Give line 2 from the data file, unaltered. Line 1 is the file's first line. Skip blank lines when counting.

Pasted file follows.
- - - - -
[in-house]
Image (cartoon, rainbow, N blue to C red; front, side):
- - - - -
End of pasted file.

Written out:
Image (cartoon, rainbow, N blue to C red; front, side):